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Robert Kaplan on the New New Great Game

February 26, 2011

The U.S. can maintain its global primacy if it (among other things) plays Russia off China, India, Iran and Turkey off Russia and Turkey off Iran. That’s the analysis of globe-spinner extraordinaire Robert Kaplan, along with his brother Stephen (apparently recently retired as a top CIA official).

The essay, America Primed, is in the new edition of The National Interest and doesn’t deal too explicitly with the Caucasus or Central Asia. But it’s all about how the U.S. (assisted by the “Anglosphere,” other English-speaking countries like Canada, the U.K. and Australia) can maintain dominance on the Eurasian continent. And that requires American leadership to make sure that no other country — in particular China, Russia or Iran — gets too powerful. What does that entail, specifically?

For one, playing India off Russia (and “punishing” Pakistan):

Out of national pride, and because of its own tense relationships with China and Pakistan, India needs to remain officially nonaligned. But that will not stop New Delhi from accepting more help from the United States, especially as India now wants to wean itself off Russian arms and replace them with better quality American equipment. Washington should require no quid pro quo from India to make it even more powerful in the region; this is about more than public pronouncements and diplomatic atmospherics, this is about quietly delivering arms, transferring technology and supplying intelligence data to one nation to punish another for taking billions of American dollars without providing the crucial help we require in return.

Also, encouraging Turkey, even with an apparently growing Islamist orientation, to counterbalance Iran:

And Turkey, whose Islamic democracy makes the United States uncomfortable, still has an appeal to the Arab masses on the basis of religion rather than ethnicity which serves a useful purpose: it implicitly checks Iran.

And this juggling act with Russia:

China checks Russia in Central Asia, as do Turkey, Iran and the West in the Caucasus….

Any new Russian empire will be a weak reincarnation of previous ones, limited not only by Chinese influence in the Russian Far East but by Chinese political and economic influence in Muslim Central Asia as well. Newly vibrant states like China, India, Turkey, Poland and Kazakhstan are already containing Russia after a fashion. America’s goal must be to support Russia’s consolidation of its own Far East, so that China will feel less secure on land and consequently be unable to so completely devote its energies to sea power. Balancing against Russia in Europe and yet helping it abroad is the kind of subtle strategy that would help guard against any one nation achieving the level of dominance elsewhere that America already enjoys in the Western Hemisphere.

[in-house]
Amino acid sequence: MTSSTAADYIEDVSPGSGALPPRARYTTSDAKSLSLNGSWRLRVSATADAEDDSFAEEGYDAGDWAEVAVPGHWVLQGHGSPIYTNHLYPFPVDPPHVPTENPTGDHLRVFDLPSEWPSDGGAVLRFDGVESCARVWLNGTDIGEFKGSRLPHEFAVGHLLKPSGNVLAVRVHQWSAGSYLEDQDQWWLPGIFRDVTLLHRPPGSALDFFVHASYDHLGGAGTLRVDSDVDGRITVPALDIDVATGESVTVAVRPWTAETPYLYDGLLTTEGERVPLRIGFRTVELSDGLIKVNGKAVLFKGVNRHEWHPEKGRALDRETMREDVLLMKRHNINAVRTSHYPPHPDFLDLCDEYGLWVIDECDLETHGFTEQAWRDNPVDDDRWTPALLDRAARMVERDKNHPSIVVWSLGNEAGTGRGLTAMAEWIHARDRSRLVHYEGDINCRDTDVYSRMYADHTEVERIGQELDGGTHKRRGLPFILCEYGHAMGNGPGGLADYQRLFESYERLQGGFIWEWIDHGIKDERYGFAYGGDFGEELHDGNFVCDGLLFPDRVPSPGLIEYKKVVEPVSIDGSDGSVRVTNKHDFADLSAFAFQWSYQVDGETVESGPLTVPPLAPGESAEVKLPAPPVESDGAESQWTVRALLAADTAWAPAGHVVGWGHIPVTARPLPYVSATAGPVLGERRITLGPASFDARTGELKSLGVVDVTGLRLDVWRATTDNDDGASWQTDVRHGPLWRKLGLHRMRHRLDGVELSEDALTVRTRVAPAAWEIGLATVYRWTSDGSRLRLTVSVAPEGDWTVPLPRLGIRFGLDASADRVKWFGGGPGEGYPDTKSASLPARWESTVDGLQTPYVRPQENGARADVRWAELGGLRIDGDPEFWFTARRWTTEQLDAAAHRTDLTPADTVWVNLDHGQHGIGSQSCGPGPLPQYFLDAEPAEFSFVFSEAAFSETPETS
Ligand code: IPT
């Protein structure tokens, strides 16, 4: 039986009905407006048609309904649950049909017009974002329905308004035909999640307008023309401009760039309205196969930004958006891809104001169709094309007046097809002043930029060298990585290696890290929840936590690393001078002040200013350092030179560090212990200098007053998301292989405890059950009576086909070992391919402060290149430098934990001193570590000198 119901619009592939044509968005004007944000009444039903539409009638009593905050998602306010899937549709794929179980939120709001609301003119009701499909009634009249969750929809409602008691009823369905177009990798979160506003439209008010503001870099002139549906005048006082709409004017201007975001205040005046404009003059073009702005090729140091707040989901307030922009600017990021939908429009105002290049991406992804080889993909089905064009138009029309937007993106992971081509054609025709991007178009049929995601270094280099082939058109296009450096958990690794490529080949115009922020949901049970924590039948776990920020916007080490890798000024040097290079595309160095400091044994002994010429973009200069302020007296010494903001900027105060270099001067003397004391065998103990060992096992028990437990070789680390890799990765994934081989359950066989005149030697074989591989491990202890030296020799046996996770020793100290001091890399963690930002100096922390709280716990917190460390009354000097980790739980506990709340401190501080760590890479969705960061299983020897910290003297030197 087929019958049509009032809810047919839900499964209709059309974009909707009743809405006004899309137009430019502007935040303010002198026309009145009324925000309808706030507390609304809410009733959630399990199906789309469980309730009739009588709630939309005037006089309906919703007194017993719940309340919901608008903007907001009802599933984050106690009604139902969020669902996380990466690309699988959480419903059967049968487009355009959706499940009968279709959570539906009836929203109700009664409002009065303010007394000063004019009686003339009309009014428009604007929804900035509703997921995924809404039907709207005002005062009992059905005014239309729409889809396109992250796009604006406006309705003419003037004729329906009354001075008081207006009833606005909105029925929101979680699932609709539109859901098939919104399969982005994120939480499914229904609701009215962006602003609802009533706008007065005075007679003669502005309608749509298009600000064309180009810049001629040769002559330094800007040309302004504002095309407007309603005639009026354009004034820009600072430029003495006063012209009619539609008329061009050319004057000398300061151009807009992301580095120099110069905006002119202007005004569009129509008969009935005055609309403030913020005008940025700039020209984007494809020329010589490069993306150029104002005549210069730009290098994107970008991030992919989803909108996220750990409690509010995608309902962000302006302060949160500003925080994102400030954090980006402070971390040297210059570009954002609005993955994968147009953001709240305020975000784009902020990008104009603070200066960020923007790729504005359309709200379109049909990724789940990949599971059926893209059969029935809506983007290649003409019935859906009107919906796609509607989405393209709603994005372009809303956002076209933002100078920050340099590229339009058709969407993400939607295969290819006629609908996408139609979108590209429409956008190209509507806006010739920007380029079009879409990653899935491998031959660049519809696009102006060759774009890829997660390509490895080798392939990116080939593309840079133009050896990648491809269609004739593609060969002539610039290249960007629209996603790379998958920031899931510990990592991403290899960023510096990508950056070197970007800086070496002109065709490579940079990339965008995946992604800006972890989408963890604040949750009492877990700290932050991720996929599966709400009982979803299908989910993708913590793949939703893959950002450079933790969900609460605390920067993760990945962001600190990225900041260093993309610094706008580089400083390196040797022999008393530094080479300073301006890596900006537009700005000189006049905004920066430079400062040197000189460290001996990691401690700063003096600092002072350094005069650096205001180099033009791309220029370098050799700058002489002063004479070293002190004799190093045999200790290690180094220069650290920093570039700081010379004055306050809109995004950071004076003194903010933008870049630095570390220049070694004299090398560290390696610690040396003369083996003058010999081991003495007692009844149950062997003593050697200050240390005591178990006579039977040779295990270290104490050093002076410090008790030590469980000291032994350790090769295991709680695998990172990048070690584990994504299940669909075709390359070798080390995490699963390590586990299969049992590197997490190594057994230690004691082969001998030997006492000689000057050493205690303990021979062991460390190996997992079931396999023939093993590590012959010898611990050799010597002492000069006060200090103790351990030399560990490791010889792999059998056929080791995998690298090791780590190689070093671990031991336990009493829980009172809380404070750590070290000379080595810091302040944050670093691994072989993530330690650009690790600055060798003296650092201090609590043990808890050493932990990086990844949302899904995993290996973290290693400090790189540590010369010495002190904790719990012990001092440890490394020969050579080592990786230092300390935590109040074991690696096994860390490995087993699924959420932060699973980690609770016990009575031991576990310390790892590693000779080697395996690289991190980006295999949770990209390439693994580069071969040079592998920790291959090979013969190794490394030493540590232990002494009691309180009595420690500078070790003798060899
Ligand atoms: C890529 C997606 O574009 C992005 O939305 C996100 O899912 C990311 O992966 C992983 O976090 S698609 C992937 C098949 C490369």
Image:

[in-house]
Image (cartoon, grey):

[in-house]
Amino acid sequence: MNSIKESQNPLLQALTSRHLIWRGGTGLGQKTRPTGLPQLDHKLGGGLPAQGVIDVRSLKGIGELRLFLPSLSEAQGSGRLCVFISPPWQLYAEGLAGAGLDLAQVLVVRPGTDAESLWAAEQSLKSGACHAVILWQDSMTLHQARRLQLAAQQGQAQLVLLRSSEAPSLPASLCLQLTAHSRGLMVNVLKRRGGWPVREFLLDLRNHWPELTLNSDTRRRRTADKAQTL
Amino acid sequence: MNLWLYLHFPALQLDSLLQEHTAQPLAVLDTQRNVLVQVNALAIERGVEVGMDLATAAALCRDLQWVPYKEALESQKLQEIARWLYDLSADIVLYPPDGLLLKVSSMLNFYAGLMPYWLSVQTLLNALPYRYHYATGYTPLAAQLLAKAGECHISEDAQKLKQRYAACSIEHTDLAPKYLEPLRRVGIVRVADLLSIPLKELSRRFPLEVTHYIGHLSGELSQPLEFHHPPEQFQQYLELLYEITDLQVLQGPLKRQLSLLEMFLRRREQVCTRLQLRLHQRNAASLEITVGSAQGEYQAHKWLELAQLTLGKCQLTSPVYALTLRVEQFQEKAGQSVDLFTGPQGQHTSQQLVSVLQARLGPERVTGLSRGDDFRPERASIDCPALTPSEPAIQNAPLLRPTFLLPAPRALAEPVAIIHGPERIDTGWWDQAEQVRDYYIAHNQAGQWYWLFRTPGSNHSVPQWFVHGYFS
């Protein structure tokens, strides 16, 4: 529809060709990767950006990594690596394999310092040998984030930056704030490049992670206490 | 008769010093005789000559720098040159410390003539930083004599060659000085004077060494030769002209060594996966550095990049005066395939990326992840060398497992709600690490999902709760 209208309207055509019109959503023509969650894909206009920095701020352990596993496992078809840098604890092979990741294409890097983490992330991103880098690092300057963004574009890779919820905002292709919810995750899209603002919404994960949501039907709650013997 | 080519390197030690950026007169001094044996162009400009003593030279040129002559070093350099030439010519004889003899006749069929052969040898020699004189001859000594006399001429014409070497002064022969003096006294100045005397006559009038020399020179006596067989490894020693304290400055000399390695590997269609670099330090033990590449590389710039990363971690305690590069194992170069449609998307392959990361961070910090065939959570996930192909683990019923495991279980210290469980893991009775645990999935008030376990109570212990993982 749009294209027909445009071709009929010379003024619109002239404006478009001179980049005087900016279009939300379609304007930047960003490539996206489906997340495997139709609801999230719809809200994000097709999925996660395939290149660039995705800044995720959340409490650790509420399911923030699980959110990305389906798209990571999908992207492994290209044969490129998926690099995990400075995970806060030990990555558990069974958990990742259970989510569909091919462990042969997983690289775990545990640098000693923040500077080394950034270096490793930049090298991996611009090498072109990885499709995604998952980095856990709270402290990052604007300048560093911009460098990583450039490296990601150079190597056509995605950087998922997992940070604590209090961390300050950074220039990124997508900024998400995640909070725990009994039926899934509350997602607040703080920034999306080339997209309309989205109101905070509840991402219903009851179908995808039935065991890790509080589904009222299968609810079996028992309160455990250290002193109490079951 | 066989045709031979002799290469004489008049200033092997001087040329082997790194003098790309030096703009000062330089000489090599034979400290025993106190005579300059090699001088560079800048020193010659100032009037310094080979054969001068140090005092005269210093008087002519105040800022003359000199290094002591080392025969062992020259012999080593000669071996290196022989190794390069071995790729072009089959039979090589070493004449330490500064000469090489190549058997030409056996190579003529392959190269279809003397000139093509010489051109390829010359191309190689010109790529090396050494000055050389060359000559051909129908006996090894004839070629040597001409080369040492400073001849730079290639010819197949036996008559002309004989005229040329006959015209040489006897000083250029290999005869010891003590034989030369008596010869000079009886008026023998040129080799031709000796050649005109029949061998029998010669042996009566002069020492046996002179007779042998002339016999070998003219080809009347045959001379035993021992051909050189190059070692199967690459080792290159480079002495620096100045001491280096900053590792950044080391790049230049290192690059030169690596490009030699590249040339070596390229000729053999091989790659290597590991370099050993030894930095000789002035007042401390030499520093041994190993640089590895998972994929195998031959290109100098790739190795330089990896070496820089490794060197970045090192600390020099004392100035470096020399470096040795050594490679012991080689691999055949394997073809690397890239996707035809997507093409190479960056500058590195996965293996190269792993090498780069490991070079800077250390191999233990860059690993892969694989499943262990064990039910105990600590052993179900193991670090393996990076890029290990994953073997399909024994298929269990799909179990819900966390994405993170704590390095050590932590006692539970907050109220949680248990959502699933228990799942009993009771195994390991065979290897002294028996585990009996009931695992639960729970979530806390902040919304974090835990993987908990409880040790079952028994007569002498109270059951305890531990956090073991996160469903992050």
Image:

(Emphasis added.) To those of you not familiar with Kaplan: he has written many books about all sorts of parts of the world, and has a somewhat, to put it mildly, polarizing reputation. But he’s pretty influential, especially in the Pentagon, so his ideas have weight.

I’ll leave aside the merits of his argument, and indeed it’s tough to quibble with any of the factual points he makes in the paragraphs I quote. But what struck me most about the piece is how out of date it sounds. Over the last few years, it seems like Washington has been moving away from this sort of geopolitical balance-of-power, “new Great Game” strategy*. It’s now a boilerplate for U.S. policymakers to publicly criticize zero-sum thinking in Eurasia, and think tank thinking on Central Asia and the Caucasus has lately been emphasizing how the U.S. needs to treat the countries of the Caucasus and Central Asia as their own entities, rather than as an extension of the U.S.’s policy on Russia or any other power. There are obviously still vestiges of zero-sum thinking, the U.S.’s support for Georgia being one obvious one. But even that has waned significantly since 2008 (both as a result of the Russia-Georgia war and the Russia “reset” of the Obama administration). If the U.S. puts a military base in Tajikistan or Azerbaijan or anywhere else now, it’s going to be in spite of, not because of, Russia.

Of course, Robert Kaplan takes sounding out of date as a point of pride; he is perhaps the only person still plugging Mackinder. And everything is cyclical, so he maybe he’s ahead of the curve rather than behind it., But either way, it makes me curious what sort of purchase this thinking will find in D.C. today.

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